When it comes to purchasing a travel trailer or camper, one of the biggest deterrents folks have is the daunting task of actually having to park one. Is my vehicle big enough? What’s the optimal degree angle? Is my hitch set up correctly? Will my marriage survive this?! These are all common questions that come up as you familiarize yourself with the world of RVs and get ready to take one out for a spin. At South Thompson RV, we’re here to help guide you through the process and show you just how easy parking a travel trailer can be with the proper techniques in place!
Whether you’re towing a travel trailer or a fifth-wheeler, it’s ideal that your vehicle is a hefty one with strong towing capabilities. Always check your vehicle's specifications to find out the maximum weight it’s able to tow. Cross-reference this with the weight of your trailer to ensure they’re both in alignment. Most compact pickup trucks have a towing capacity of around 5000 to 7000-lbs. Full-sized trucks can usually carry a minimum of 9500-lbs and all the way up to 12,000-lbs. Depending on the model you choose, a typical travel trailer can be anywhere between 1500 and 9000-lbs. For example, this 2019 Surveyor travel trailer sits at just over 6000 lbs. In addition, you’ll want to factor in an extra 500(ish!)-lbs for all the gear you’re likely to bring along for your travel adventures!
When it comes to the hitch, you have three choices:
The rear receiver hitch,
The weight distribution hitch, and
The bumper hitch
Each type of hitch will determine how much weight you can tow. For example, as the name suggests, the weight distribution hitch is best for towing heavier trailers. For travel trailers, it's important to note that the hitch should be located under your bumper, as opposed to a fifth-wheeler, for example, which would require it to be in the bed of the truck.
Like all things in life, practice makes perfect, so it’s totally okay if you’re not a pro “trailer parker” on your first try.
When it comes to parking a trailer, more specifically backing one up, it’s all about geometry. But don’t let that scare you if you’re not a math wiz! The main concept you want to understand is usually the one that causes folks the most frustration. The trick is to turn your wheel in the opposite direction to the way you want the trailer to go - so if you turn the wheel to the right, the trailer will go to the left. The best technique to do this is by holding your steering wheel at the base rather than at the top like you normally would. This allows you to trick your mind into thinking your hand is moving to the left, for example, while the wheel is actually turning clockwise to the right! Once you get moving, you do want to correct this to the other direction to avoid trailer jackknifing.
Make sure you go super slow, and try not to panic or become easily frustrated, as this is what can typically lead to accidents. One technique that can work wonders is the "swoop." With this method, you drive towards your parking space from an acute angle. Once your vehicle is just at the nose of the spot, swoop away from it until the rear of the trailer is just past the parking spot. The trailer's rear will be in the perfect position to then steer clockwise and back up into the spot.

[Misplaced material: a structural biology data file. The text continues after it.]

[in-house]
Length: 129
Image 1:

Other helpful tips include investing in a backup camera for your RV or having a person to help guide you. Both of these options offer an extra pair of eyes and make the process a lot easier! Backup cameras are an excellent help for backing into tight spaces, and typically come pre-installed with most modern RVs. Having a person act as a guide can also be quite helpful - just don't let it ruin your marriage! Pro-tip: communicate with each other over the phone to avoid yelling and miscommunication, which is often what leads to more frustration!
Choosing between a truck or an SUV is a common question when it comes to towing RVs. The short answer is, it all depends on the towing capabilities of your vehicle and size of your trailer. That being said, a truck is almost always the better towing vehicle as they tend to be more versatile in terms of towing capacity and the types of hitches they can handle. Mid-sized SUVs can typically tow up to 5000-lbs, sufficient for a trailer on the smaller side. But like we stated above, ensure you factor in another 500-lbs for the cargo you're going to carry inside. Full-sized SUVs can be pretty capable, with some having a capacity of up to 9000-lbs. For some individuals, driving an SUV is a lot easier than a pickup truck. If your SUV can handle a lot behind it, there's no harm in using one if you think you'll be more comfortable!
At South Thompson RV, we get lots of first-timers excited to explore our great nation in comfort and style. If you have any questions about parking travel trailers, campers, fifth wheelers, etc., our team can always offer helpful tips and advice when you come to check out what's on the lot! Browse our exciting inventory of all-new travel trailers and other RVs today!